IT'S DEMONSTRATED INTEREST SEASON! 4 POINTS TO REMEMBER
Many colleges track the level of interest that students show towards them. Demonstrated Interest helps them assess whether you’d actually attend if you were admitted. Some colleges, like Tulane, take Demonstrated Interest very seriously!
If you’re not sure whether a college tracks Demonstrated Interest, please google “Common Data Set” and the college name. Go to Section C of the college’s Common Data Set and find the chart that shows how important certain factors are as they review applications. If interest is “considered” or “important,” you need to spring into action!
If a college visits your high school--either in person or virtually--do everything you can to register and attend! Think about this scenario: A college that cares about Demonstrated Interest visits your high school. Three students end up applying, but only one attended this session. Who do you think is more likely to get in?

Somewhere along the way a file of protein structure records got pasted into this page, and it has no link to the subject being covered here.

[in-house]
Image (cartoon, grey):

The most selective colleges do not track demonstrated interest. It’s often helpful, though, to attend admissions sessions and open houses--either virtually or in person--in order to understand better what sets one college apart from others and to write meaty supplemental essays, such as the “Why College A” essay. Listen carefully to the admissions officer who is presenting about College A. They will often give very clear hints about what makes their college special and how it meets the needs of many of its students.
There are many ways to demonstrate interest. I recommend that you keep track of whatever you do for each college on your list. Besides making an in-person visit (be sure you register and sign in), you can also:
Email your admissions rep and ask pointed questions whose answers can’t be found on the website. Be aware, though, that there is a fine line between asking a few key questions and repeatedly bothering an admissions officer. Tread carefully!
Request an interview--another great way to learn more about a college and show why you’re a fit.
Apply Early Action (or Early Decision, but be careful with this choice! See last week’s blog).
Get on their mailing list and open all emails that they send. Be sure to respond to ones that necessitate a response.
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